[lin_video src=http://eplayer.clipsyndicate.com/embed/player.js?aspect_ratio=16x9&auto_next=1&auto_start=0&div_id=videoplayer-1380078773&height=360&page_count=5&pf_id=9626&show_title=1&va_id=4373541&width=640&windows=2 service=syndicaster width=640 height=360 div_id=videoplayer-1380078773 type=script]
YOUNGSTOWN, Ohio (WKBN) — A 24-hour strike by nurses at Northside Medical Center will continue until 7 a.m. Wednesday, but the picket line outside the hospital shut down about 12 hours after it began Tuesday morning.
“Today was excellent. It exceeded our expectations. The nurses are united, our cause is just and we showed that to the community and we got a lot of community support too,” said nurse Joyce Shaffer.
She said community members and local lawmakers carried signs alongside the members of the Youngstown General Duty Nurses Association, which represents 480 nurses at Northside.
“The nurses really made a statement they wanted to make to the employer and that is patient safety is number one and we want to get back to the bargaining table,” said Kelly Trautner, deputy director of the Ohio Nurses Association.
The two sticking points in the negotiations that have not changed are wages and patient safety.
For weeks, leaders with the nurses union have been complaining that the proposed “final agreement” offered by the hospital would prevent nurses from “advocating” for their patients. The nurses said they’re particularly upset with language included in the offer that they claim could create a gag order against the employees.
“Anything not spelled out in the collective bargaining agreement, we’d be forbidden from doing. So unless it’s specifically spelled out, then the employee would be putting their job at risk if they were to advocate or speak out,” said Eric Williams, union president.
But hospital officials said that is not true and a spokeswoman for Northside challenged the nurses to publicly prove their claims.
“The Ohio Nurses Association has told your reporters many times that the hospital’s contract offer would inhibit nurses from speaking up for patients. There is nothing in the hospital’s proposals that would change the right and responsibility of our nurses to provide input, raise concerns and actively participate in efforts to advance quality or to speak up about any matter that impacts quality care for patients. In fact, nurses participate, and would continue to participate, in daily safety meetings that take place in each department. Nurses also participate in hospital committees focused on quality, staffing and safety. The hospital urges you to ask the union to produce the language in our offer that they are referring to when they make these claims,” hospital spokeswoman Trish Hrina said in an emailed statement.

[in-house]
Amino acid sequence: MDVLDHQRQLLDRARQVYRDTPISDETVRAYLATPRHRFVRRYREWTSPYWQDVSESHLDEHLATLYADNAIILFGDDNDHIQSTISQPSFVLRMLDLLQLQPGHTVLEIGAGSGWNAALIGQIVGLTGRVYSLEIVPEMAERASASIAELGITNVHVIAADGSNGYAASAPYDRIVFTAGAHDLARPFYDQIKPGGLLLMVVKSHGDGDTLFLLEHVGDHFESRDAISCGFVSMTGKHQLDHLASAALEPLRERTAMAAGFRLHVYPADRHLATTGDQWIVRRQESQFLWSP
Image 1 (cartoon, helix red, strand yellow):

Williams said the current proposal from the hospital includes a waiver that indicates anything not spelled out in the collective bargaining agreement would not be recognized.
“Obviously, a nurse advocating for a patient in not specifically spelled out in a collective bargaining agreement. So, therefore, if a nurse did that, she could be suspect for her job or her employment status to be questioned,” Williams said.
Williams said a second clause claims while the hospital would not be bound by anything not already contained in the new offer, administrators could later modify or change existing policies, including established past practices, that are not covered by the agreement. He said that clause could eventually be used as a gag rule.
Williams also claims the so-called advocacy issue involves staffing, and argued the hospital’s demand for flexible scheduling will leave fewer nurses to watch patients.
“In order to meet those numbers, you have to be able to recruit and retain registered nurses. In order to recruit and retain registered nurses, you have to have an adequate salary scale,” he said.
The nurses and hospital administrators met two weeks ago with a federal mediator, but an agreement was not reached. The nurses have been working under an expired contract since July 2012.
Nurses said they plan to head back to work promptly at 7 a.m. Wednesday and they stopped picketing around 6:30 p.m. Tuesday to prepare for the day ahead.
“Its been a long day. We want people to get home and rested. We are coming to work tomorrow at 7 a.m. so we have to prepare for that,” Shaffer said.
However, the hospital can still lock out the nurses Wednesday morning.
Both sides said they want to get back to the table and negotiate, but no new talks are scheduled.